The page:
Archive | April 2, 2014

“All Acts of Love and Pleasure” does not give you license to violate someone

The most problematic phrase in the Charge of the Goddess is “all acts of love and pleasure are my rituals”. Unfortunately sometimes this is used as a weapon against women, particularly young or inexperienced women.

The Charge of the Goddess is a lovely bit of poetry but nowhere does it say specifically that those “acts of love and pleasure” have to be consensual and with both parties being equals. There is no “act of love and pleasure” if one party is a minor or an apprentice or drunk or impaired or any other unequal relationship that could happen. And the sad fact is the ones who wield it like a weapon are usually men. I’ m sure women have too but most are predatory males.

I’ve heard it when someone decided to grab my ass when I was younger and my answer was always “whose pleasure?” You don’t get to violate someone’s personal space or body just because you think the Charge might imply in your little pea brain that you have license. You don’t have a license to do it if you are drunk or horny or in the middle of a Beltane ritual. Just because I’m circling the MayPole doesn’t mean I’m interested in circling your Maypole.

All beings have a right to say “NO!” no matter what someone else thinks being pagan implies. Let’s try to remember that and it implies to hugs, kisses, or any other activity that might be unwelcome to someone. That’s how bad things happen.

And if someone comes up to you at an event and tells you something happened that they didn’t want, for Goddess sake, DO SOMETHING! Do not brush it off!. The person who said something is already stressed enough because they told that something happened. Deal with it appropriately. And do not make the person confront the offending party. That doubles the pain. And if necessary, call the cops. If the law is broken you still need to deal with secular authorities. Having an attorney available on event staff is always a good thing because you don’t know the law.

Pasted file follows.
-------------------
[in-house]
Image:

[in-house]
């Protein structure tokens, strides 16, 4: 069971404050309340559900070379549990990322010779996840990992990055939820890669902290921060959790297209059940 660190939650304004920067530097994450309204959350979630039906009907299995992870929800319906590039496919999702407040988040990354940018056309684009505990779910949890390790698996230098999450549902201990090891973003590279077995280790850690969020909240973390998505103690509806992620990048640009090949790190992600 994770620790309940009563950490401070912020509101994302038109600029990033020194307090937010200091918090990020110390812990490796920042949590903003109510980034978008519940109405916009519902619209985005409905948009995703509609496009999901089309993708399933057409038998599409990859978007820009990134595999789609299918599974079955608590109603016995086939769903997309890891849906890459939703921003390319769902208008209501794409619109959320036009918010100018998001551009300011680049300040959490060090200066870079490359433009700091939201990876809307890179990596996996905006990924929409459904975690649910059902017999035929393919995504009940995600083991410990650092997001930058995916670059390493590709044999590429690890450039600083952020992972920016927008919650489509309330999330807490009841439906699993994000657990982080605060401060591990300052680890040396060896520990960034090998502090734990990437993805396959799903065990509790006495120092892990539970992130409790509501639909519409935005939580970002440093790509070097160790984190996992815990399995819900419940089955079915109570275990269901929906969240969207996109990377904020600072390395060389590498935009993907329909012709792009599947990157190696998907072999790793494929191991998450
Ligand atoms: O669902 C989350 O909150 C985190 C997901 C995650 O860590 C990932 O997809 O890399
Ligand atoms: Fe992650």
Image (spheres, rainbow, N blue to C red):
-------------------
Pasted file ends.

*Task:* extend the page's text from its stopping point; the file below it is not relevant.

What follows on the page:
People need to listen and they need to step in when things happen and not excuse it in any way, that’s how this went on so long.

Today’s reading



Three of Cups

Celebration within a communal group or family, welcoming the coming of new life or good fortune.

The successful return after migration or travel by a tribe or grouping.

Happy and creative friendships, community, warmth, fun; a bonding on many levels.

Poetry month – in a Rabbie Burns mood

A Man’s a Man for a’ that by Robert Burns

Is there for honest Poverty

That hings his head, an’ a’ that;
The coward slave-we pass him by,
We dare be poor for a’ that!
For a’ that, an’ a’ that.
Our toils obscure an’ a’ that,
The rank is but the guinea’s stamp,
The Man’s the gowd for a’ that.

What though on hamely fare we dine,
Wear hoddin grey, an’ a that;
Gie fools their silks, and knaves their wine;
A Man’s a Man for a’ that:
For a’ that, and a’ that,
Their tinsel show, an’ a’ that;
The honest man, tho’ e’er sae poor,

Is king o’ men for a’ that.

Ye see yon birkie, ca’d a lord,
Wha struts, an’ stares, an’ a’ that;
Tho’ hundreds worship at his word,
He’s but a coof for a’ that:
For a’ that, an’ a’ that,
His ribband, star, an’ a’ that:
The man o’ independent mind

He looks an’ laughs at a’ that.

A prince can mak a belted knight,
A marquis, duke, an’ a’ that;
But an honest man’s abon his might,
Gude faith, he maunna fa’ that!

For a’ that, an’ a’ that,
Their dignities an’ a’ that;
The pith o’ sense, an’ pride o’ worth,

Are higher rank than a’ that.

Then let us pray that come it may,
(As come it will for a’ that,)
That Sense and Worth, o’er a’ the earth,
Shall bear the gree, an’ a’ that.
For a’ that, an’ a’ that,
It’s coming yet for a’ that,
That Man to Man, the world o’er,
Shall brothers be for a’ that.